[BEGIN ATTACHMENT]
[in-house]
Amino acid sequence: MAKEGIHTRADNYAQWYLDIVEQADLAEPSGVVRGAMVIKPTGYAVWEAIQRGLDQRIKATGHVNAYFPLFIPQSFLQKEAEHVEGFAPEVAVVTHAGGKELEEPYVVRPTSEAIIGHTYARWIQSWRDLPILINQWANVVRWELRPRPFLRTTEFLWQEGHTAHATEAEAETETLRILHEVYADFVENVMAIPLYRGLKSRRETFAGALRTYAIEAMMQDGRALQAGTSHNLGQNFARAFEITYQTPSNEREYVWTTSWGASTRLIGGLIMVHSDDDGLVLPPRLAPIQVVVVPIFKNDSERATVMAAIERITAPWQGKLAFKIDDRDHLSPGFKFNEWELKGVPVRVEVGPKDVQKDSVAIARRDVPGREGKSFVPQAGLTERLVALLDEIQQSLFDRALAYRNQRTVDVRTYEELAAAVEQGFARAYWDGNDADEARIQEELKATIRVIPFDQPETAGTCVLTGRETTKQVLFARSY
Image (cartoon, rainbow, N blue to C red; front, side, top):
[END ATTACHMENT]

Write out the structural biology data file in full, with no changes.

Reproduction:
[in-house]
Amino acid sequence: MAKEGIHTRADNYAQWYLDIVEQADLAEPSGVVRGAMVIKPTGYAVWEAIQRGLDQRIKATGHVNAYFPLFIPQSFLQKEAEHVEGFAPEVAVVTHAGGKELEEPYVVRPTSEAIIGHTYARWIQSWRDLPILINQWANVVRWELRPRPFLRTTEFLWQEGHTAHATEAEAETETLRILHEVYADFVENVMAIPLYRGLKSRRETFAGALRTYAIEAMMQDGRALQAGTSHNLGQNFARAFEITYQTPSNEREYVWTTSWGASTRLIGGLIMVHSDDDGLVLPPRLAPIQVVVVPIFKNDSERATVMAAIERITAPWQGKLAFKIDDRDHLSPGFKFNEWELKGVPVRVEVGPKDVQKDSVAIARRDVPGREGKSFVPQAGLTERLVALLDEIQQSLFDRALAYRNQRTVDVRTYEELAAAVEQGFARAYWDGNDADEARIQEELKATIRVIPFDQPETAGTCVLTGRETTKQVLFARSY
Image (cartoon, rainbow, N blue to C red; front, side, top):